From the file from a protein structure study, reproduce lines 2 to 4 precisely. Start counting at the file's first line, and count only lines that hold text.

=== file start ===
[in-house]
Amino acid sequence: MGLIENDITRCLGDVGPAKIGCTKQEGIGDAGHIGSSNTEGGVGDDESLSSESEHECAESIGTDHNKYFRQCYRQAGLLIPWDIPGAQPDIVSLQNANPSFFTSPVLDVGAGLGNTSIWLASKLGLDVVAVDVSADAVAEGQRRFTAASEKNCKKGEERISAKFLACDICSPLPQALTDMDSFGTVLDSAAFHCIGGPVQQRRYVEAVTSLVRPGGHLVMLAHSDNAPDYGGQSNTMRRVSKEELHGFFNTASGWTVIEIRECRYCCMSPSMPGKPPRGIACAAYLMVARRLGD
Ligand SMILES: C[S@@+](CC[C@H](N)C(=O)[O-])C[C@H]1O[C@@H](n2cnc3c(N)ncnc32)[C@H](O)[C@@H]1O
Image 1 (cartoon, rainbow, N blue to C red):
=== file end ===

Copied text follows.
Amino acid sequence: MGLIENDITRCLGDVGPAKIGCTKQEGIGDAGHIGSSNTEGGVGDDESLSSESEHECAESIGTDHNKYFRQCYRQAGLLIPWDIPGAQPDIVSLQNANPSFFTSPVLDVGAGLGNTSIWLASKLGLDVVAVDVSADAVAEGQRRFTAASEKNCKKGEERISAKFLACDICSPLPQALTDMDSFGTVLDSAAFHCIGGPVQQRRYVEAVTSLVRPGGHLVMLAHSDNAPDYGGQSNTMRRVSKEELHGFFNTASGWTVIEIRECRYCCMSPSMPGKPPRGIACAAYLMVARRLGD
Ligand SMILES: C[S@@+](CC[C@H](N)C(=O)[O-])C[C@H]1O[C@@H](n2cnc3c(N)ncnc32)[C@H](O)[C@@H]1O
Image 1 (cartoon, rainbow, N blue to C red):